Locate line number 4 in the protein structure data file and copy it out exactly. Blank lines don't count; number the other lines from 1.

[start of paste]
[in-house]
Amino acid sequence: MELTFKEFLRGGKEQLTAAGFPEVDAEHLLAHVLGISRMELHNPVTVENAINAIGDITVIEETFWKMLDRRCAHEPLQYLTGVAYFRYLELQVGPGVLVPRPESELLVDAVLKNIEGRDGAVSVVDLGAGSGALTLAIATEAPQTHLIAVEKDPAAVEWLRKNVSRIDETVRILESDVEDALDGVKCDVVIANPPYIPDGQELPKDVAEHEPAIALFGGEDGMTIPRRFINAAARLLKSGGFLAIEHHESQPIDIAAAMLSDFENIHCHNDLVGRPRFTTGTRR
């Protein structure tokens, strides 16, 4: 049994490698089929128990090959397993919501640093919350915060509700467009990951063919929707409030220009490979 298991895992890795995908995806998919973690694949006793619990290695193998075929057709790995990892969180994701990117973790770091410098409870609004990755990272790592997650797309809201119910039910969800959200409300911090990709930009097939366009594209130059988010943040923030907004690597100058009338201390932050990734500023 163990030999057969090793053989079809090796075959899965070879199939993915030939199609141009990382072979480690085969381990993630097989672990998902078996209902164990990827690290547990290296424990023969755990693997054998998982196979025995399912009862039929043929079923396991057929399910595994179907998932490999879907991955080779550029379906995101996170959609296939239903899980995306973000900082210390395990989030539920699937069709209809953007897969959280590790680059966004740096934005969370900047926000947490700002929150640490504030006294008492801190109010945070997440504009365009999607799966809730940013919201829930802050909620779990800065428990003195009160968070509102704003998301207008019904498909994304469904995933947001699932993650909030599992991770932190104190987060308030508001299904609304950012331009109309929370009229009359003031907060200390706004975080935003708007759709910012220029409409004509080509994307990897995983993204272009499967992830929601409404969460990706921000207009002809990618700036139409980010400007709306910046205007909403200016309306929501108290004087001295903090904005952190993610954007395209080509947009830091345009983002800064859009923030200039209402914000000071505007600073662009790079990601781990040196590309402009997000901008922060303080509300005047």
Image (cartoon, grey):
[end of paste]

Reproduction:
Image (cartoon, grey):